Flight was ok – I watched a few movies and catnapped a bit. Nine hours later I was in an Uber to Danny and Nicole’s apartment. Danny was a comrade from the 2015-17 Vodafone UK Graduate intake – we’ve had our fair share of adventures over the past few years! The last time I’d properly seen Danny and Nicole was last summer at the SW4 music festival in London. They’d both since moved from the UK to Chicago and I had the privilege of being their first international visitor!

I leapt out of the Uber and soon we were all jumping around with excitement as we said hello – it was great! We had a quick beer in the apartment as we caught up a little them ventured into Chicago for food and drink.

Danny and Nicole steered us in the direction of some quality deep dish Pizza and took me to one of their favourite bars. I was starving after the flight and it went down a treat.

All too quickly it was time for bed – I had a fantastic evening guys, thanks so much for your hospitality. Really was great to see you and I hope to visit Chicago again soon. I woke up for the first time in USA with this view:

Not too shabby…

In the morning we said our goodbyes and I headed to O’Hare for my connecting flight to Atlanta. A few hours later I grabbed the MARTA train to Sandy Springs (sounds like a Fortnite Battle Royale videogame location) to grab a last few supplies from REI – the premier backpacking chain in the USA.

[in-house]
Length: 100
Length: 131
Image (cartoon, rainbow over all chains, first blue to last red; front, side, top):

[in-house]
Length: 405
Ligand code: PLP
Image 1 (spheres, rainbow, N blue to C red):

After REI I linked up with the shuttle from my hotel and we drove down to the property, with a stop at Walmart and a Gas Station for supplies. I was staying in the property with four other guys (Mike, Matt, Erin and Robert) who were all aspiring thru hikers. Our shuttle driver Chris showed us around and lit a campfire – then the Thru-hikers in-waiting shared stories and shot the breeze until it was time for bed.

My room was gorgeous and I relished the comfort knowing what lay ahead!

I went to bed nervous but very excited about the prospect of my first day on trail – the “Approach Trail” which leads to the first white blaze marker for the AT atop Springer Mountain.

Lots of love all – T x